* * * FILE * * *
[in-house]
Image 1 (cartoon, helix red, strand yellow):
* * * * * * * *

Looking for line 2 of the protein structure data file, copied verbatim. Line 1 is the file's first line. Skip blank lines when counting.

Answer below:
Image 1 (cartoon, helix red, strand yellow):